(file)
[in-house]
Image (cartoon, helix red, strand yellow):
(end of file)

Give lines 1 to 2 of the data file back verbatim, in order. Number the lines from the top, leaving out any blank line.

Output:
[in-house]
Image (cartoon, helix red, strand yellow):